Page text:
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Retired Professor Tries To Teach Robots To Sew Clothes


Robots have gotten very good at a lot of things, from building cars in factories to moving boxes around warehouses. What's next, hosting a radio program? Well, for decades, one repetitive industrial task has remained surprisingly difficult, and that is sewing clothes. Jacob Goldstein from our Planet Money podcast has the story of one man's quest to teach robots to sew.

JACOB GOLDSTEIN, BYLINE: Steve Dickerson is an emeritus professor at Georgia Tech and an inventor. He started a computer vision company that sold for a lot of money and had some other ideas that did not do as well.


GOLDSTEIN: Did you get a patent on a self-making bed?


GOLDSTEIN: (Laughter).

DICKERSON: But I've never commercialized that, even though I think it's a great one to do.

GOLDSTEIN: Dickerson's current project, teaching robots to sew, could have major economic consequences. It could bring industrial sewing back to the United States. But Dickerson says it's a very hard technical problem for a really simple reason.


DICKERSON: Fabric, by definition, is very flexible.

GOLDSTEIN: Robots are really good at dealing with things that are not flexible. You give a robot a giant piece of steel, tell it to cut some incredibly complicated pattern, the robot will get it exactly right every time. But if you try and do that with a piece of fabric, the fabric wrinkles or bends as it's going through the machine. The robot doesn't see that, and it gets all messed up. A few years back, Dickerson had an idea. You could teach robots to sew by teaching them to see in a new way. He realized you could build cameras into the robot and use the cameras to track every single thread in a piece of fabric.


DICKERSON: It is counting the threads at the needle...


DICKERSON: ...As they pass. You have to take a thousand pictures per second. And you process that image a thousand times a second, and you get a count of the threads that have passed.

GOLDSTEIN: Now when the fabric starts to stretch or bunch up, the camera will instantly see that. It'll send a signal to some robot hand or whatever to fix the fabric. Not long after that initial insight, Dickerson joined up with a few other people and decided to start a company.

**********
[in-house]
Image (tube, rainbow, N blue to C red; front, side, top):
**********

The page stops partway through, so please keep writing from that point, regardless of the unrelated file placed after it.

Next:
DICKERSON: We got together. And we just sat around a conference room and said, what should we call this company? And that's where the name SoftWear came out.

GOLDSTEIN: SoftWear - W-E-A-R - like clothes. It's a pun.


DICKERSON: Yes. And software is how we run it.

GOLDSTEIN: I - no, I get it.

DICKERSON: It runs on software (laughter).

GOLDSTEIN: I get the joke. I get it.

DICKERSON: (Laughter) OK.

GOLDSTEIN: They got a few grants, some venture capital and set up shop in a little brick building in Atlanta. A few weeks ago, I went to visit. Barry Clark, the company's head of R&D, showed me around.


GOLDSTEIN: So these are the robots?

BARRY CLARK: These are the robots. That's right.

GOLDSTEIN: We're standing in front of this big table with two separate machines on it. One is this robot arm.

CLARK: It has a vacuum attached to it so it can suck. And so what we do is we use it to actually pick up the pant leg.

GOLDSTEIN: The other machine is a modified sewing machine. Clark shows me how the machines can sew a leg of a pair of jeans together. The vacuum arm picks up the fabric...


GOLDSTEIN: ...Moves it over to the sewing machine, which then sews them together.


CLARK: And now we finished sewing the piece, and so we eject it.

GOLDSTEIN: The company's robots can't sew an entire pair of jeans or a T-shirt yet, but they're getting close. Steve Dickerson, who founded the company, says when they get there, factories that sew clothes will start sprouting up in the U.S. again.


DICKERSON: That's almost a guarantee. If we can meet our targets on cost and performance, it will happen.

GOLDSTEIN: And so those factories will not look at all like the factories that closed up 40 years ago.

DICKERSON: If you took the broad picture and looked at the factory production floor, the only thing that would be different is very few people, if any.

GOLDSTEIN: Yes. That is a - not a trivial difference. There used to be a person running the sewing machine, and now it will be a computer.

DICKERSON: That is correct.

GOLDSTEIN: You will need some people to work in the factory, mostly to take care of the robots, fewer jobs, requiring a fair bit of education and probably paying decent wages. This is what manufacturing looks like in America now, not factories where you can walk in the door straight out of high school with no special training and have a solid lifelong job. Those jobs are not coming back. Jacob Goldstein, NPR News. Transcript provided by NPR, Copyright NPR.

Jacob Goldstein is an NPR correspondent and co-host of the Planet Money podcast. He is the author of the book Money: The True Story of a Made-Up Thing.